The Supreme Court has recently handed down judgment in the case of R v Andrewes, confirming that a confiscation order of just over £96,000 could be made against an employee who lied on his CV in order to obtain a role. The case serves as a useful reminder for employers to ensure, so far as possible, they have robust recruitment processes in place to reduce the risks of hiring candidates who have been dishonest in their applications. This blog sets out practical tips for employers on how to achieve this.
What happened in R v Andrewes?
Mr Andrewes was appointed as CEO of a hospice in 2004. He obtained this role by making several false or dishonestly inflated statements about his qualifications and experience in his application. For example, he claimed he had a first degree (which was listed in the job description as an “essential” requirement) and an MBA. He also made various false or inflated claims that he had the required management experience through positions he had held.
He carried out the role until 2015, when his employment was terminated as the truth about his qualifications and experience began to emerge. During that time, he performed well in his role.
In 2017 Mr Andrewes was prosecuted, and he pled guilty to one count of obtaining a pecuniary advantage by deception and two counts of fraud. He was sentenced to two years’ imprisonment as well as a confiscation order (under section 6(5) of the Proceeds of Crime Act 2002), as the Crown Court found he had benefited from the wrongdoing. He argued that he shouldn’t have been subject to the confiscation order because he had performed valuable services and his employer received full value in exchange for the salary paid. The case made it to the Supreme Court on the question of what confiscation order would be proportionate in these circumstances.
The Supreme Court rejected Mr Andrewes’ arguments. It said the hospice had sought to employ a person of honesty and integrity, and as the hospice would not have appointed him in the first place if the truth about his qualification and experience had been known, he would be profiting from his crime if no confiscation order was made.
The Supreme Court held that it was proportionate to make a confiscation order in respect of the difference between the higher earnings received because of the fraud, (net earnings of £643,602 over the relevant period) and the lower earnings that he would have received had he not lied on his CV. The difference amounted to £244,569. On the facts of the case, the recoverable amount was £96,737.24 as this the amount Mr Andrewes had available.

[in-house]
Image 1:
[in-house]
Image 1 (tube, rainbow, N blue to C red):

Tips for employers
Although the facts of this case are relatively extreme, it is nevertheless worth asking what employers can do to reduce the risk of being deceived by a dishonest applicant. Whilst there will inevitably be some CV fraud which “slips through the cracks” from time to time, here are some practical tips for employers to avoid being caught out:
- Where possible, more than one person should be used at each stage of the recruitment process to increase the chance of picking up on signs that something is not right. This has the added benefit of reducing the risk of unconscious bias in recruitment processes. Keep a written record of what was said during the interview.
- Require that candidates provide two references, at least one of which should be a recent employer. Be proactive in following these up and ideally do so over the phone. If you identify any issues, don’t be afraid to follow those up with the candidate and/or ask for further referees. For a reminder of the dos and don’ts of writing references, see our blog here.
- Consider carrying out pre-employment screening checks with external providers.
- It can be tempting to look up job applicants on social media, but be aware of the associated legal risks in doing so. Reviewing someone’s LinkedIn profile and other work-related online profiles (for example, on their current company’s website) can be a helpful way to ensure there are no inconsistencies between what they have said during the recruitment process and their online profile. Candidates should be informed in advance that social media may be accessed as part of the recruitment process and consent obtained. If there are any inconsistencies, ensure you follow up on them, both with the candidate and with their referees. It is advisable to avoid straying onto someone’s personal social media pages, particularly ensuring you don’t take into account information which could lead to judgements being made based on protected characteristics. For more information, see our blog Navigating tricky issues in recruitment, as well as guidance by Acas.
- Ensure that both offers and contracts of employment are made conditional on references, any necessary security checks and satisfactory evidence of qualifications and experience. When an employee begins their role, ensure they provide you with that evidence (for example, degree or qualification certificates).
- Use the probationary period properly. If there are warning signs at an early stage that someone might not have been truthful about their experience or qualifications during the recruitment process, ensure you investigate during the probationary period and think carefully about whether they should pass it.
- Lying on a CV can potentially amount to gross misconduct and breach of contract (as well as a criminal offence, as Mr Andrewes discovered). However, particularly where an employee has over two years’ service, it is important that a fair procedure is followed in accordance with your usual disciplinary policy.
If you require further information about anything covered in this blog, please contact Rosanna Gregory, or your usual contact at the firm on +44 (0)20 3375 7000.
This publication is a general summary of the law. It should not replace legal advice tailored to your specific circumstances.
© Farrer & Co LLP, September 2022